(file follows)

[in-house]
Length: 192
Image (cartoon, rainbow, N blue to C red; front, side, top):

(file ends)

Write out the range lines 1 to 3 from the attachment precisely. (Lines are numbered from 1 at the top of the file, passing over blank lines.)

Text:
[in-house]
Length: 192
Image (cartoon, rainbow, N blue to C red; front, side, top):